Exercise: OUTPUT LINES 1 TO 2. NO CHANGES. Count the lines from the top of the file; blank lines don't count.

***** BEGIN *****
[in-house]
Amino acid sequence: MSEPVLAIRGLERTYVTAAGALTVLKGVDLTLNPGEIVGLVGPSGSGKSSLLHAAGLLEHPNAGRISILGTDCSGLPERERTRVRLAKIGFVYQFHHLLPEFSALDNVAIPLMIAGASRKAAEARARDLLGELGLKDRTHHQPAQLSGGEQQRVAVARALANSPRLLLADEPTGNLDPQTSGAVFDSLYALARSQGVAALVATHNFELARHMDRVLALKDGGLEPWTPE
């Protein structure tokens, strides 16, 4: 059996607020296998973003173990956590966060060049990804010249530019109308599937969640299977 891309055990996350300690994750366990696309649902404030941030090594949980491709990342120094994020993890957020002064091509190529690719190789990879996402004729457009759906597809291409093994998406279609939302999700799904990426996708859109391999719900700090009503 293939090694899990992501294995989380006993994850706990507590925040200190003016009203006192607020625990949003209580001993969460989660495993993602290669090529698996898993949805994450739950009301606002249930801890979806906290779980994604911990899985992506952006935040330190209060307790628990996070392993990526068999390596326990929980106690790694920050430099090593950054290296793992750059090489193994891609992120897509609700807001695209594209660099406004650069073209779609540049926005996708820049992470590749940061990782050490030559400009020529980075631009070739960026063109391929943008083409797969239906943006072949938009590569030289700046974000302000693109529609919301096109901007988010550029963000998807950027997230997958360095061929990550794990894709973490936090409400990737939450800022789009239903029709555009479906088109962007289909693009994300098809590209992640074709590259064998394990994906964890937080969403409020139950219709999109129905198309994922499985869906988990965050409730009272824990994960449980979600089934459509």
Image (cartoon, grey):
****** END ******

[in-house]
Amino acid sequence: MSEPVLAIRGLERTYVTAAGALTVLKGVDLTLNPGEIVGLVGPSGSGKSSLLHAAGLLEHPNAGRISILGTDCSGLPERERTRVRLAKIGFVYQFHHLLPEFSALDNVAIPLMIAGASRKAAEARARDLLGELGLKDRTHHQPAQLSGGEQQRVAVARALANSPRLLLADEPTGNLDPQTSGAVFDSLYALARSQGVAALVATHNFELARHMDRVLALKDGGLEPWTPE